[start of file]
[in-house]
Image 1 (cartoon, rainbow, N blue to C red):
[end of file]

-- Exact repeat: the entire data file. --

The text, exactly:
[in-house]
Image 1 (cartoon, rainbow, N blue to C red):